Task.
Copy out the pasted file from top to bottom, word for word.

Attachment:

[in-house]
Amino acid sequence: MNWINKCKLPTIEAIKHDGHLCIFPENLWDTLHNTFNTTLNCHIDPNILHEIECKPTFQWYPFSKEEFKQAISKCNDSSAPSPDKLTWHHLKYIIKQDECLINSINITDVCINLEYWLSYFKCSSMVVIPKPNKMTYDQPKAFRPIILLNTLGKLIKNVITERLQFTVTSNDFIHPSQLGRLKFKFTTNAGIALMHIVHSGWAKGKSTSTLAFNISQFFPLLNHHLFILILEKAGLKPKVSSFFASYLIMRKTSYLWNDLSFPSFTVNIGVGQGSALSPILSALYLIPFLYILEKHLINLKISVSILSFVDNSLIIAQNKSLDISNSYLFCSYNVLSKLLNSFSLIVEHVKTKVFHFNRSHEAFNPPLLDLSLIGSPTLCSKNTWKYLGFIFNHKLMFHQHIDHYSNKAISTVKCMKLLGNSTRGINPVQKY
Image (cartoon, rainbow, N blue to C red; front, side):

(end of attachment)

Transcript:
[in-house]
Amino acid sequence: MNWINKCKLPTIEAIKHDGHLCIFPENLWDTLHNTFNTTLNCHIDPNILHEIECKPTFQWYPFSKEEFKQAISKCNDSSAPSPDKLTWHHLKYIIKQDECLINSINITDVCINLEYWLSYFKCSSMVVIPKPNKMTYDQPKAFRPIILLNTLGKLIKNVITERLQFTVTSNDFIHPSQLGRLKFKFTTNAGIALMHIVHSGWAKGKSTSTLAFNISQFFPLLNHHLFILILEKAGLKPKVSSFFASYLIMRKTSYLWNDLSFPSFTVNIGVGQGSALSPILSALYLIPFLYILEKHLINLKISVSILSFVDNSLIIAQNKSLDISNSYLFCSYNVLSKLLNSFSLIVEHVKTKVFHFNRSHEAFNPPLLDLSLIGSPTLCSKNTWKYLGFIFNHKLMFHQHIDHYSNKAISTVKCMKLLGNSTRGINPVQKY
Image (cartoon, rainbow, N blue to C red; front, side):